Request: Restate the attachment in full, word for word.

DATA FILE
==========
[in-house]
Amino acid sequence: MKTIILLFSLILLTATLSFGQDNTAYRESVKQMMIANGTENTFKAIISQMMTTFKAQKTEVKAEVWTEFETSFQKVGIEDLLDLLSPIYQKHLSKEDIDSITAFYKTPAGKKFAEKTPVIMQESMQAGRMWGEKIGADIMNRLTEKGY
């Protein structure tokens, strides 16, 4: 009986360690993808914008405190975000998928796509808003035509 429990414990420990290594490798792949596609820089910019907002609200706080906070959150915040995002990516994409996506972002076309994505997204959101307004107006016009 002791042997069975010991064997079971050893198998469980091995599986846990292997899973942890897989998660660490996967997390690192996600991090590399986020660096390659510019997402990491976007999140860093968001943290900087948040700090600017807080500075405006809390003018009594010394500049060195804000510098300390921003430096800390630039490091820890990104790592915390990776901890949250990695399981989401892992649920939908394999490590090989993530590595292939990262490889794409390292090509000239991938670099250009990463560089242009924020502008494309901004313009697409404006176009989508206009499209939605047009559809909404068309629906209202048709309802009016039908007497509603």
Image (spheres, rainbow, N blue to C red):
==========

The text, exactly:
[in-house]
Amino acid sequence: MKTIILLFSLILLTATLSFGQDNTAYRESVKQMMIANGTENTFKAIISQMMTTFKAQKTEVKAEVWTEFETSFQKVGIEDLLDLLSPIYQKHLSKEDIDSITAFYKTPAGKKFAEKTPVIMQESMQAGRMWGEKIGADIMNRLTEKGY
């Protein structure tokens, strides 16, 4: 009986360690993808914008405190975000998928796509808003035509 429990414990420990290594490798792949596609820089910019907002609200706080906070959150915040995002990516994409996506972002076309994505997204959101307004107006016009 002791042997069975010991064997079971050893198998469980091995599986846990292997899973942890897989998660660490996967997390690192996600991090590399986020660096390659510019997402990491976007999140860093968001943290900087948040700090600017807080500075405006809390003018009594010394500049060195804000510098300390921003430096800390630039490091820890990104790592915390990776901890949250990695399981989401892992649920939908394999490590090989993530590595292939990262490889794409390292090509000239991938670099250009990463560089242009924020502008494309901004313009697409404006176009989508206009499209939605047009559809909404068309629906209202048709309802009016039908007497509603």
Image (spheres, rainbow, N blue to C red):